7. Hi Bobby,
    My condolences.
    I lost my father at the age of 4.
    I am sorry for your loss, but at least you got a Father that you could learn life from, and was a good image for you.
    All the best.

  8. Hey, friend, sorry for your loss. I can personally attest to the work ethic your father instilled in you. While you developed your own world view that at times may have run counter to that of your father, it is clear that you both had tremendous respect for each other. And despite your political and religious differences, I’m sure he loved you very much.

    All the best, amigo. Keep fighting the good fight.


  9. Bobby:
    Very nice. Mom and Dads are very important in our lifes. My Dad was in in Europe from 1942 until 1946 and then was working 15 to 20 hours a day until they went to California because my mother was so sick and couldn’t handle the cold weather in Chicago. My dad was very important but my Mom was the big influence in my life. I am writing a book so my children will know how my life developed. Not the normal childhood or education or work path.
    Your story should influence your children’s lifes .
    Hope all is well.
    I had brain surgery July 2013 but am doing great. No Cancer. Not traveling out of the country yet..
    Good luck.

    1. Thanks Morey. You definitely have an interesting story. I do enjoy hearing about your life and career path – very interesting indeed. Looking forward to seeing the book. I am happy to hear about your speedy recovery as well.

  10. Hey Kelly, first I’d like to offer my condolences, to you and your family. I would briefly like to say, that I was raised the same as you, and have been a reader, and researcher of many subjects all my life. I spent a fair amount of time, (at one point in life) studying death, and dying. We are here in the physical world, learning what we need to, in what I call “spirit school”, (our personal spirit journeys). Because the essence of our being is spirit, we never truly die. The essence of our spirit is Love, which is the “God mind “within us all. Many religions present God as “out there, or above”, but the great spirit is within us all. Many have embraced atheistic viewpoints (I believe), because of the way”GOD” is presented, or by the way man-made religions indoctrinate us…..I would like to recommend a book, written by a man that spent over thirty years of his life, researching death, and interviewing people that have returned from being clinically dead. This is a MUST READ, and I believe it would give you an enhanced perspective of what Jesus said was “the last enemy”. My personal belief is that he meant the “last illusion”, as the spirit, which is the real you, never dies….. The name of the book is:”VISIONS OF IMMORTALITY” by Ian Currie. Blessings for you and your family, and may your father rest in peace….Thank you for sharing this with us all.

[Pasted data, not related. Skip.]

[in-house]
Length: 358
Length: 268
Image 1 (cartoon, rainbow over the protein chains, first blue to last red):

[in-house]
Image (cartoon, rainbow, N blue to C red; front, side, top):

11. Hugs to you. Thank you for sharing this with us. You have been given a remarkable dad, like I have. And congrats to your dad for his greatest promotion yet.

  12. Sorry for your loss and that is great that you have a dad to be there when you are growing up through the rough spots.

    Now the US Government promotes broken homes for profit and it is a multi-billion dollar industry draining the Social Security Trust Fund in order to incentivized social worker and child support collectors to break up two parent homes for profit.

    You should read up about this on

    It is great having both parents around and it keeps balance, but the US Gov’t has another agenda of creating people to dependent on the system and not on themselves or their families so dear old dad has to sleep in the cardboard box while the mother and children live in public housing paid for by big daddy gov’t and unreasonably high child support taxes.

    1. Robert,

      It was surprising, yet refreshing, to see another “comrad in arms”, as it were, also part of the GWP contingency.
      Feel free to contact me if you’re interested to hear about the weekend that Larry Kirkman and the CRISPE bus camped out in my front yard a few years ago.

      – Dean “The Banner Guy” Gottschalk

  13. Sorry for your loss. Thank you for sharing your story. My father was a southerner and became a Baptist missionary in Japan, where I was born and raised. I have mostly fond memories of my father who instilled compassion and contribution to others. He must be very proud of you and you were both fortunate to have each other. May your future continue to strong and prosperous with your dad’s legacy in your DNA.
    Now is time to define your legacy and make your contribution to others. Deep sympathy and best regards, Doug